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A Realtor will do a market analysis of your home to determine the best asking price. This analysis is similar to what an appraiser does, but the appraiser is unbiased - he or she has no interest in the value of your home other than to tell you what it is. An unbiased appraisal can also be a good negotiating tool. An appraiser can also tell you how much value would be added to your house by adding another bathroom, for example, or updating the kitchen.
Many companies offer online home appraisals. These companies, which include www.ditech.com, www.valuemyhouse.com, www.electronicappraiser.com, and many others, provide an appraisal of your property based on the price that other, similar homes in your area recently sold for. The shortcoming of these services is that no one actually goes out and looks at your home, and the services rely on your description of your property to arrive at a value. These services may be somewhat useful for setting your asking price, but a mortgage lender is unlikely to use an online appraisal.
Certain information and documentation will make the appraisal more accurate. If you have them, provide your appraiser with these documents: a plot plan or land survey; information on the most recent purchase of the house, especially within the past three years; the title, including any easements; a home inspection report; documentation of any recent improvements and their costs. Your appraiser may request additional information as well.
A professional appraisal can help you determine an appropriate asking price if you want to sell your home. If you're a buyer, getting an independent appraisal can help to assure you that you're not spending too much for your house. If you're getting a mortgage for a new or existing home, the mortgage company will want an appraisal in order to determine how much of a loan you will qualify for.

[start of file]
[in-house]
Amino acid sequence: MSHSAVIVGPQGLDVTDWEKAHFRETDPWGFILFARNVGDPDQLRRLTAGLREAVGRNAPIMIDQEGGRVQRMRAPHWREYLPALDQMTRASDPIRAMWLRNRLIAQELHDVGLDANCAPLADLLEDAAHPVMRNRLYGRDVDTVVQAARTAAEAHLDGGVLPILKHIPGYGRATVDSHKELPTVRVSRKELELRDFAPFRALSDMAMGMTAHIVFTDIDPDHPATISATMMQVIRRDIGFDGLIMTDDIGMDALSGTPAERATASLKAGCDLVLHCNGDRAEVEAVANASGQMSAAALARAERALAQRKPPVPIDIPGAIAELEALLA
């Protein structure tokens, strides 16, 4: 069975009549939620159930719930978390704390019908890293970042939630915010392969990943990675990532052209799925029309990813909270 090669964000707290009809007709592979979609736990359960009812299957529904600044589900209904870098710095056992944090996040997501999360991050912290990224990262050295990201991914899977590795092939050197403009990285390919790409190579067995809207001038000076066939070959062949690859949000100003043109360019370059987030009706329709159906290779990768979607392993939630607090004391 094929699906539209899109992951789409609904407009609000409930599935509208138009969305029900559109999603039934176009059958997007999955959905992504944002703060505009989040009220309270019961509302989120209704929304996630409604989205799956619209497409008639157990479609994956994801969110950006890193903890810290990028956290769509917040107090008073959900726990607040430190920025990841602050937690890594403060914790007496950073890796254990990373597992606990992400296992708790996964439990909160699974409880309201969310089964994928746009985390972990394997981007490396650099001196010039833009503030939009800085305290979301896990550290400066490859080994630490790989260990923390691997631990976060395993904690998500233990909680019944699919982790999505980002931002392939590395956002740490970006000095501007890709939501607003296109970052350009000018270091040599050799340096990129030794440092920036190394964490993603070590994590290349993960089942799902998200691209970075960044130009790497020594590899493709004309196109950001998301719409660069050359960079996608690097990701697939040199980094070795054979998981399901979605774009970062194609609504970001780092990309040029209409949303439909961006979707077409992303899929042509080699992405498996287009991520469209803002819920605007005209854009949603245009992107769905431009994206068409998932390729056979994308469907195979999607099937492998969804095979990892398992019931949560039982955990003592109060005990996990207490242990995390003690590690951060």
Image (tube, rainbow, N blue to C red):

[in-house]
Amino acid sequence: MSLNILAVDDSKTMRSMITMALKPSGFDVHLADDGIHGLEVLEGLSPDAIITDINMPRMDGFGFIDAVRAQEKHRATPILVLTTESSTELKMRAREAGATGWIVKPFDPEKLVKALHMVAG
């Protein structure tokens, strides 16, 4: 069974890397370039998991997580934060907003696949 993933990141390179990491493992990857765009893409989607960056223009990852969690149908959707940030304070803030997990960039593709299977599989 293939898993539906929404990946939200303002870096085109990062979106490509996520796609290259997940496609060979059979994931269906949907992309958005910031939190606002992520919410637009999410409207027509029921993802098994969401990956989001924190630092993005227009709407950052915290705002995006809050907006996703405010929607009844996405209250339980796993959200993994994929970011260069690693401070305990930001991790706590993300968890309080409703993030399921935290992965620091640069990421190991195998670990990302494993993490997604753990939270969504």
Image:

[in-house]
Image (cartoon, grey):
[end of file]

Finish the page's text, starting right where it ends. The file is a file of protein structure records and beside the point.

An appraisal will include a visual inspection of the home, which will include the approximate age and condition of the house, the number of bedrooms and bathrooms, the condition and amenities of the kitchen, and so on. The appraiser is looking for features of the house, as opposed to the structural soundness that a home inspector looks for. The appraiser will estimate a value for the house, either based on what it would cost to construct a similar home (including land) or by comparing the house to other, similarly appointed homes in the area that have recently sold.
Your Realtor may be able to recommend an appraiser. You can also ask friends or neighbors who they have used, or a mortgage company may be able to make a recommendation. There are several organizations and web sites for professional appraisers, like The Appraiser Foundation (www.appraiserfoundation.org); Appraiser USA (www.appraiserusa.com); Appraisal Institute (www.appraisalinstitute.org); and AppraisersDotCom (www.appraisers.com). Remember that membership in a professional organization is not necessarily an indication of competence. Get personal recommendations if possible, and ask for references. Make sure the appraiser is properly licensed in your state.
The appraisal report will include the address of your property; a description of the neighborhood, including market factors like property value trends; and a description of the lot. It will also include a listing of the features and characteristics of the house, such as a description of the exterior and the foundation; the number of rooms; the materials in each room, such as floor covering and trim; utility systems like heat and electricity; equipment in the kitchen and a description of the attic and garage, if applicable. The appraisal will also include descriptions of up to three comparable properties - homes in the same town with similar features that have sold recently. The appraisal will include an estimate of the value of the home, and a description of the method used to arrive at that estimate.
The fear of over-paying for a piece of property is eliminated by having a professional appraisal performed. If the buyer of real estate is mortgaging the property (not paying cash) the bank that mortgages the property will automatically order an appraisal from one of the lender's list of approved appraisers. The bank is interested in protecting their investment and want to guarantee that in the event of a default by the purchaser, the property's worth must equal or exceed the mortgage.
If you are purchasing real estate for cash, appraisers can be referred to you from real estate agents, lenders or a yellow page directory. Standards for appraising are universal and most appraisers will estimate a property's value within a small percentage difference, if any, from eachother.
If you are selling a home, you can usually get away with avoiding the appraisal fee by having a market analysis performed by 1-3 real estate agents. Once the home is on the market, the only time a seller might consult an appraiser is if the home is not selling and market conditions are unstable.